During the 1889 season, Conway appeared in only three games for the Alleghenies. Though he won two of the three games, his earned run average soared to 4.91 – more than double his 1888 earned run average of 2.26. Conway appeared in his final Major League game on May 9, 1889. He was suspended without pay by the Alleghenies who claimed that he was not in condition to play. It was reported in the press that Conway had "snapped a cord in his arm," and that his "anterior detroid muscle was out of whack." The Alleghenies' suspension of Conway without pay following his injury sparked an early controversy over players' rights. In August 1889, newspaper accounts noted: "Pete Conway will be backed by the brotherhood in a suit against the Pittsburg club this fall. He was laid off without pay, but reports for duty, every day."
In September 1899, Conway was reported to be using electricity on his arm to offset the effect of the injury.
In March 1890, Conway signed with the Brooklyn franchise in the newly formed Players' League. By late June, newspapers reported that he had been with the team for two months, but had not yet appeared in a game. A reporter quipped, "If he is drawing salary he is rather an expensive ornament." By the beginning of August 1890, it was reported that "Conway has not drawn a dollar from the Brooklyn club" and that he was "at his home in Philadelphia."
In 1891, the University of Michigan hired Conway as the first coach of the Michigan Wolverines baseball team. Although Michigan had fielded a baseball team since the 1860s, the team had never engaged the services of a professional coach. H. T. Abbott, the student manager of the baseball team, attempted to hire Billy Sunday and Charlie Bennett, but both declined the offer. Conway accepted and became Michigan's "first official coach." Conway arrived in Ann Arbor at the beginning of April 1891 and remained through the end of May. The 1891 Wolverines finished with a 10–3 record, including victories over Harvard (4–3) and Cornell (8–6). Conway returned as Michigan's baseball coach in 1892. In two years as Michigan's baseball coach, Conway compiled a 22–9–1 record (.703).
Later years and family
At the time of the 1900 U.S. Census, Conway was living with his mother (Grace, born 1840 in Ireland) and three brothers in Clifton Heights, Pennsylvania, a suburb of Philadelphia located approximately a mile from where he was born. His occupation was listed as mule skinner. Conway died in 1903 at age 36 in Clifton Heights.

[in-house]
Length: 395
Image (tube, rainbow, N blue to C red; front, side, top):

- Major League Baseball records list his date of birth as October 30, 1866. However, the 1900 Census lists October 1867 as his date of birth.
- Census Entry for Francis and Grace Conway, residing in Upper Darby, Pennsylvania with their two sons Michael (age 2) and James (age 1). Ancestry.com. 1860 United States Federal Census [database on-line]. Census Place: Upper Darby, Delaware, Pennsylvania; Roll: M653_1105; Page: 715; Image: 720; Family History Library Film: 805105.
- Census record for Grace Conway, age 80, lists her year of arrival as 1852. In 1920, Grace was residing on "Edgemont Avenue" in Clifton Heights with surviving sons, Michael and Frank. Ancestry.com. 1920 United States Federal Census [database on-line]. Census Place: Clifton Heights, Delaware, Pennsylvania; Roll: T625_1560; Page: 12B; Enumeration District: 151; Image: 708.
- Census record for Grace Conway, age 73, lists her year of immigration to the United States as 1855. In 1920, Grace was residing on South Edgemond Avenue in Clifton Heights with her surviving sons, Michael, James and Frank.
- Ancestry.com. 1910 United States Federal Census [database on-line]. Census Place: Clifton Heights, Delaware, Pennsylvania; Roll: T624_1339; Page: 13A; Enumeration District: 0130; Image: 617; FHL Number: 1375352.
- Census record for Grace Conway, age 46, widow. In 1880, she was residing in Upper Darby, Pennsylvania, with her sons Michael (age 28), James (age 21), Francis (age 18) and Peter (age 13). Ancestry.com and The Church of Jesus Christ of Latter-day Saints. 1880 United States Federal Census [database on-line]. Census Place: Upper Darby, Delaware, Pennsylvania; Roll: 1125; Family History Film: 1255125; Page: 70A; Enumeration District: 4; Image: 0236.
- "Jim Conway". baseball-reference.com.
- "Pete Conway". baseball-reference.com.
- "At Philadelphia". The World, New York. August 11, 1885.
- "Buffalo Defeats St. Louis". The New York Times. August 13, 1885.
- "Notes of the Game". The New York Times. August 14, 1885.
- "Baseball News". The New York Times. August 17, 1885.
- "The Remnant of the Buffalo Club Defeated Once More". The New York Times. September 25, 1885.
- "1885 National League Team Statistics and Standings". baseball-reference.com.
- "1886 National League Team Statistics and Standings". baseball-reference.com.
- "Have the Giants Shrunk". The New York Times. September 3, 1855.
- "Victory for Detroit". The New York Times. August 27, 1887.
- "1887 World Series (10–5): Detroit Wolverines (79–45) over St. Louis Browns (95–40)". baseball-reference.com.
- "Conway Signs With Pittsburg". The New York Times. November 25, 1888.
- "Big Score Season". Manitoba Daily Free Press. May 24, 1889.
- Boston Daily Globe, July 2, 1889.
- Boston Daily Globe, August 4, 1889.
- The Brotherhood of Professional Base-Ball Players was baseball's first players' union.
- Boston Daily Globe, September 17, 1889.
- "News in Brief". The Daily Free Press, Easton, PA. March 24, 1890.
- "Players' League". The Omaha Republican. June 21, 1890.
- "Diamond Dust". The Herald-Despatch, Decatur, IL. August 2, 1890.
- Rich Adler (2004). Baseball at the University of Michigan. Acadia Publishing. p. 23. ISBN 0-7385-3221-5.
- The Palladium, Volume 35. University of Michigan. 1892. p. 175.
- Census listing for Grace Conway, born November 1840, in Ireland, listing 1851 as the year of immigration to the United States. She was living on Edgmount Avenue in Clifton Heights with her sons, Michael (Worker, born February 1860), James (Day Labor, born October 1862), Francis (born June 1864), and Peter (Mule Skinner, born October 1867). Ancestry.com. 1900 United States Federal Census [database on-line]. Census Place: Clifton Heights, Delaware, Pennsylvania; Roll: T623_1405; Page: 4A; Enumeration District: 167.
- Career statistics and player information from Baseball-Reference